Induced rotary movement has been reported to start and stop repeatedly during 1 min of observation. This has been taken as evidence for the involvement either of cyclorotational optokinetic nystagmus or of roll vection. Both assertions are dubious. Regarding cyclorotational optokinetic nystagmus, available evidence shows that it is too weak to be important in induced rotary movement. Also, induced rotary movement and cyclorotational optokinetic nystagmus are affected differently by the velocity of eliciting stimulation. Regarding roll vection, the conditions for its intermittence do not match those for induced rotary movement. Also, although aftereffects for induced rotary movement are negative, those for roll vection are positive and negative. Intermittence in induced rotary movement may be parsimoniously explained as characteristic of a weak effect.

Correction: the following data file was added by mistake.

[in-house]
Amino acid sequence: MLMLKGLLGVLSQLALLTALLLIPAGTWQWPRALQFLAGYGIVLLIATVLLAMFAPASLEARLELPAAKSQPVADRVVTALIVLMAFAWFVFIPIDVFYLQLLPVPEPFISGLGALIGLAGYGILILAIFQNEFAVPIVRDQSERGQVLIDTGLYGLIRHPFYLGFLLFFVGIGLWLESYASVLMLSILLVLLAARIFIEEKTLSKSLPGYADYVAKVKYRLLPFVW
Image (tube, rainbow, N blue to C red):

|Journal||PERCEPTION & PSYCHOPHYSICS|
|Publication status||Published - Jun 1991|